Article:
I took refuge from the winter months and the cold breeze in my bedroom and workshop alike, next to the warm glow of the kiln at Hinkley Pottery Studios (you can see some of the successes and failures of my first couple of sessions here). Jennryn joined me in my Sisyphean struggle to achieve center in life and in form, although yet again I ended up with bowls which were more conceptual than platonic in shape. The wonderful part of pottery is while the hands of the potter are never lost – the union of glaze and luck (or the gods if that’s your persuasion) does a hell of a lot to make stuff look fantastic. Easy fixes in wood stand out under finishes, where fixes in pottery are covered in a layer of glazes and in my case topped with the remnants of unfinished coffee.
First things first, I used a jig saw, a file and a lot of sandpaper to make a chubby rib – a tool for rounding the bottoms of pots as you throw them. Its the only chubby rib I have. I passed this prototype on to the capable hands of mike pappas. A renewed life for a scrap of oak which was on the fast track to the burning pile.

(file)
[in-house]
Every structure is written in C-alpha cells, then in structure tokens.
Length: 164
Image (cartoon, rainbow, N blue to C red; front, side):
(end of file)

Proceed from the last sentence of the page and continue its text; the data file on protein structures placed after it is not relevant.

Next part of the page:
In order to satiate David’s unbridled enthusiasm for spreadable butter and warm bread – I tried my hand at a french butter dish. The base is filled with water, the lid is stuffed with butter – when they come together a seal is formed and butter can live on your counter without going rancid. This project pushed my skill set by requiring that I match the lids to the bottoms as well as throw the infamous chip and dip form.
In recommending this glaze combination mike said it looked like a sombrero.
I spent some time working on larger bowls. Clumsily, I bent one of them when wrapping it in plastic – I swear it was perfect before that!
Mugs and bowls in light blue matte and ice-crackle. Notice how the glaze breaks in the mug. I think that is really cool. I spent a little more time this session on making more delicate handles (which you conveniently can’t tell from this photo).